But I loved the show anyway. We all did. It had its charms, although I could probably do without 70% of the episodes.

Then there’s Deep Space Nine. Standard reaction: I never got into that one. I understand why; as with Next Generation, the first two seasons chewed donkey bris. But it had better characters, and under the guiding hand of Ronald Moore these characters flourished into the most well-rounded cast of all three shows. The show started slowly - Avery Brooks played Sisko as though he was attempting to hypnotize everyone, and it didn’t help that the space station didn’t go anywhere. But the idea was, again, a reflection of the time: an outpost on the edge of a crumbled empire. An embassy in the Balkans, in other words. The space station had a bar, which served as a future version of Rick’s Cafe in “Casablanca.”

The Enterprise had a lunch counter run by Whoopi Goldberg.

In the last few years DS9 just got better and better - a four-year story arc, complex politics, exceptionally acted secondary characters & villains. I still think it’s the gold standard for Star Trek shows.

Voyager. Sigh. Inert, cautious. A show about a ship going home. Some fine moments, but as I said before not one character changed over seven years. And they weren’t really interesting characters to begin with. There will not be a Voyager movie in 2009 that ends with the shocking death of Harry Kim. So how did this sum up the Clinton era? Um . . . it didn’t. But you can see a culture adrift, less concerned with pushing out than pulling back. Yes, yes, “Lost in Space” had the same concept, and it was contemporeanous with the original Trek series, so I suppose my idea falls apart. No - wait! The Borg had a big role in Voyager. They were joyless cyborgs intent on crushing all cultural differences. They were the Republicans! And Cap’t Janeway was Clinton, finding a third way home, striking a deal to free her people! Yes, that’s it!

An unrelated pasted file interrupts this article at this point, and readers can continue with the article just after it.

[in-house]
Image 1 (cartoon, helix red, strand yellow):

You think I’m nuts? Look at the series finale. She pardoned, like, 50 Borgs before she left the Delta Quadrant, and I hear she took some china and a chair from Voyager, too. Read it on Drudge!

Which brings us to Enterprise. It’s had some wincingly PC moments, but overall I like it. Sharp characters, with a couple exceptions. Best doctor since McCoy. The obligatory hotcha dame in spandex - Jolene Blalock as the Vulcan T’Pau - can radiate about six things at once just with her posture, and her take on Vulcanism makes Tuvok look like Rip Taylor.

So how is this Trek a reflection of the zeitgeist? Well, it was different right out of the box; it’s set before the Federation was incoporated. It gives us the future as pre-history. The only other aliens on Earth’s side are the Vulcans, who are in this context the Europeans - the older, more cynical, “wiser” culture attempting to restrain this brash upstart planet. There’s no way the show’s creators could have anticipated how prescient this would seem when they thought of the show, but after 9/11 this theme stood out in hot glowing letters. And then came the season finale:

Earth is attacked by a suicide bomber. There's much death and devastation. The Enterprise is sent to a far-off place to retaliate. The Vulcans refuse to help.

It gets better: the area into which the Enterprise heads is called “the Expanse,” which shares the same vowels as “Levant,” and the same concept as “the Empty Quarter.” But that’s probably unintentional. And it’s probably unintentional that the Expanse is known for causing absolute madness to all who go there. We even see a fragment of a log from a Vulcan ship - they’re all at each other’s throats, screaming, drinking blood, etc. Unintentional or not, there’s no other way to read this: the Enterprise is going to the galaxy’s cradle of suicide bombers, and it’s a place where everyone goes absolutely nuts.

No, I’m not saying that’s how the writers regard the Middle East, nor am I saying that the very air of the region makes rational decent people feel stabby. But popular art reflects the era in which it’s born. Time pares away the artfice. Ten years later a nuanced, complex simile is a big white bone on the desert floor.

So the Enteirprise is a few days out of port; Captain Archer and his First Officer are sitting up late at night drinking scotch. (!) The First Officer lost a sister in the suicide attack. He’s not exactly the cheerful fellow he used to be. He kills his drink and glares at the captain with angry, haunted eyes. “Tell me we’re not going to pussyfoot around when we get in there,” he says. “None of that noninterference crap.”

Archer stares out the window. “Whatever it takes,” he says, and he drains his glass.

This is not your father’s Star Trek, you might think. But it is. We’re back to the sixties’ vision of the future. All Kirked up and ready to roll.